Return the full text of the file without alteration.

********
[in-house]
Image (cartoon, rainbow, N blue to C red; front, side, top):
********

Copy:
[in-house]
Image (cartoon, rainbow, N blue to C red; front, side, top):